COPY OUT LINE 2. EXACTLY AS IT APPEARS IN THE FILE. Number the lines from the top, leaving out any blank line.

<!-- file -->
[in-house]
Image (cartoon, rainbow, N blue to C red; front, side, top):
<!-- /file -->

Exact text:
Image (cartoon, rainbow, N blue to C red; front, side, top):